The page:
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Publication numberUS6264548 B1
Publication typeGrant
Application numberUS 09/396,394
Publication dateJul 24, 2001
Filing dateSep 15, 1999
Priority dateSep 15, 1999
Fee statusLapsed
Publication number09396394, 396394, US 6264548 B1, US 6264548B1, US-B1-6264548, US6264548 B1, US6264548B1
InventorsRobert V. Payne, Jr., Irvin L. Parr, Jr.
Original AssigneeTranscents, Inc.
Export CitationBiBTeX, EndNote, RefMan
External Links: USPTO, USPTO Assignment, Espacenet
Dispensing system and method
US 6264548 B1
Abstract
A dispensing system for dispensing a deodorizing, disinfecting or freshening substance is mounted in the heating and air conditioning ductwork of a vehicle, and includes an electronic controller that controls the operation of the system. The substance dispensed by the system is spread through the ductwork throughout the interior of the vehicle by the heating and air conditioning system of the vehicle. The system is operated during a cycle that includes an ON time, during which the substance is dispensed, and an OFF time, during which the substance is not dispensed. The system is configured to cycle only when the vehicle ignition is on. The system can also be configured to cycle only when the parking brake is released, or when the vehicle transmission is in gear.
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Claims(15)
What is claimed is:
1. A dispensing system for dispensing a substance comprising:
a canister including a body that contains a substance to be dispensed from said canister, a nozzle through which the substance is dispensed and an electric actuator mounted to said nozzle;
a controller that controls dispensing of the substance from said canister, said controller controlling operation of said canister during a dispensing cycle that includes an ON time during which said controller actuates said actuator to dispense the substance from said canister, and an OFF time during which said controller deactivates said actuator to stop dispensing of the substance from said canister; and
a counter that accumulates the duration of said ON times occurring.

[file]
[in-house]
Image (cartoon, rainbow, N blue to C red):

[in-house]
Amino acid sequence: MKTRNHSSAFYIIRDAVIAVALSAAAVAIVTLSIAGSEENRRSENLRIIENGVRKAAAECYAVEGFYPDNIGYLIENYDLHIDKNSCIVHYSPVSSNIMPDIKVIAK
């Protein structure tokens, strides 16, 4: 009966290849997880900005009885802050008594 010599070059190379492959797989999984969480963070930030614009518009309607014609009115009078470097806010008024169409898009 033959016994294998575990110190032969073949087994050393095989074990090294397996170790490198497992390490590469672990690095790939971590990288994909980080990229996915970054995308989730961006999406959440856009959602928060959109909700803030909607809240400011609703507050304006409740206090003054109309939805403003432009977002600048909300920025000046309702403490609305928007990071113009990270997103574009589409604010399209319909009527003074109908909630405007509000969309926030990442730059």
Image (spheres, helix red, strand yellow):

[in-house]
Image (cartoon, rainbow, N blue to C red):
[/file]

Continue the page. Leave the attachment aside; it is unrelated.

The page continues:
2. The dispensing system recited by claim 1 wherein said system is mounted in a vehicle.
3. The dispensing system recited by claim 2 wherein said system is mounted in the heating and air conditioning ductwork of the vehicle to permit the heating and air conditioning system of the vehicle to convey the substance throughout the interior of the vehicle.
4. The dispensing system recited by claim 2 wherein the vehicle is a bus.
5. The dispensing system recited by claim 2 wherein said system can cause said dispensing cycle to occur only if the ignition system of the vehicle is on.
6. The dispensing system recited by claim 6 wherein said system provides an indication that the count tallied by said counter has reached a predetermined level.
7. The dispensing system recited by claim 1 wherein said system stops dispensing when the count tallied by said counter reaches a predetermined level until said canister is replaced by another canister.
8. The dispensing system recited by claim 1 wherein said counter counts the number of said ON times.
9. A method for dispensing a substance including the steps of:
mounting a dispenser containing the substance in the space in which the substance is to be dispensed;
mounting an actuator in operable relationship with the dispenser, actuation of the actuator causing the dispenser to dispense the substance;
actuating the dispenser cyclically, each cycle including an on time of a preselected duration during which the actuator is actuated to cause dispensing, and an off time of a preselected duration during which the actuator is not actuated; and
counting the number of occurrences of on times.
10. The method recited by claim 9 wherein the dispenser is actuated cyclically only upon the occurrence of a condition.
11. The method recited by claim 10 wherein the dispenser is mounted in the ductwork of a vehicle to permit the heating and air conditioning systems of the vehicle to disperse the dispensed substance throughout the interior of the vehicle.
12. The method recited by claim 11 wherein the dispenser is actuated only when the vehicle parking brake is released.
13. The method recited by claim 12 wherein the dispenser is actuated only when the vehicle is in gear.
14. The method recited by claim 13 further comprising the step of providing an indication that said number of occurrences of on times has reached a predetermined level.
15. The method recited by claim 9 further comprising the step of suspending further actuation of said dispenser when said number of occurrences of on times reaches a predetermined level until said dispenser is replaced by another dispenser.
Description
BACKGROUND OF THE INVENTION

The present invention relates to dispensing, and, more particularly, to a system and method for dispensing, and preferably for spraying, a liquid into a confined space.

Today, most confined inhabited spaces, including buildings, rooms and vehicle interiors, are heated and air conditioned. Typically, there is relatively little exchange of air between these spaces and the outdoors. As a result, odors from the people in the spaces, their clothing and food, and other sources tend to accumulate in these spaces, making the air in the spaces unpleasant to breathe.